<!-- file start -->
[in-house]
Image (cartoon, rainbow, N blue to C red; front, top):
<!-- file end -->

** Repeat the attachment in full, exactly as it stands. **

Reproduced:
[in-house]
Image (cartoon, rainbow, N blue to C red; front, top):